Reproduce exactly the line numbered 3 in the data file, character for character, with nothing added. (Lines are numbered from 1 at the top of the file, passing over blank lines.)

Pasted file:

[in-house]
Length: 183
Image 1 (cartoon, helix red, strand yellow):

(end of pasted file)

Image 1 (cartoon, helix red, strand yellow):